Protest Art

There isn’t much the ordinary citizen can do about the mess in D.C. these days. At least not until Election Day. But for writers (bloggers included) and musicians, there are ways to express frustration via art.

Looking back, we see many examples. While some works were criticized at inception, later they become accepted, even celebrated.  

So, I took time off from reading the news (and getting angry while at it), to see what those before us wrote to express their dissatisfaction (too bad many works go way back):

 Here is a short list:

 1.  The Cry for Justice: An Anthology of the Great Social Protest Lit., by Uptown Sinclair.

2.  Fahrenheit 451, by Ray Bradbury.

3.  Poems, Protest and a Dream, by Sor Juana Ines de Cruz.

4. Touching Liberty, by Karen Sánchez-Eppler.

 As far as music, most protest songs go back to the ‘60s — the anti-war music.

So, is protest art dead or just not as important as once was?


Image credit:, jonesin’


15 responses to “Protest Art

  1. Fahrenheit 451, by Ray Bradbury.”Where books are a source of unhappiness and disruption” I remember well that book, can’t recollect the others so I go check them out, cheers for that. ;-)

  2. Leonard Cohen comes to mind in protest music. Much of South African literature is of protest, as also is theatre. May the voices continue to be heard in whatever shape or form.

  3. How about Black Like Me and Soul on Ice from the 60s? I recall being surrounded by protest art in the late 60s, but then I was in the middle of it!
    I think people today are too overwhelmed by the pace of their life to take time to find ways to protest. And maybe artists avoid protest art because of the backlash they might have to endure – we are so polarized!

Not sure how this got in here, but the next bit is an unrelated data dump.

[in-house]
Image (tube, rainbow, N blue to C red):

4. Many (most?) schools have eliminated teaching art in school as “a waste of time,” superfluous, etc. As you write about here, artists have been behind much of the major changes that have happened throughout history–usually to the benefit of society. Doing art and studying art IS important! Thanks for your post, Silvia!

    • Literature opens up our mind (as do other forms of art). No art is superfluous. It’s a form of thinking — expressing emotion. A way to contribute to the society (as you say). Thanks for reading, Linda.

  5. Pingback: Artistic Destiny | The Posh List

  6. Thanks for the post, your comments inspired my post this morning.

  7. Hi Silvia – we are being way too prescriptive of what others should or should not do .. and not letting our kids, grandkids think for themselves, express themselves … we need to encourage them … and I do admire all who protest, as long as it’s sensible protest …. The South African playwrights, poets, authors were amazing … as too are the protesters from Eastern Europe and Asia …

    We need to think .. and learn to think … and learn to express – and generally be aware of others and lives overseas … cheers Hilary

    • Hilary, I tell my nine-year-old son all the time to think for himself. To not be a follower. And if he does have strong opinions to express them in a civilized manner. Discourse is healthy. My frustration started from watching more than two weeks of news on the stalemate in D.C. Art is usually a peaceful way to protest — or express oneself — and so I wondered if that’s still an art form, as it was in the ’60s, here in the U.S. You mention Eastern Europe. I remember the ’89 Revolution there well, I was in Romania at the time. Many people took to the streets, many wrote about it. Holding frustration in and letting it consume us … that’s probably unhealthy. Thank you for reading and commenting.

  8. I saw an art display in college where inmates from a concentration camp had painted realistic scenes of what was happening first, then painted the “happy” scenes they were forced to paint over them. The real scenes were discovered later.

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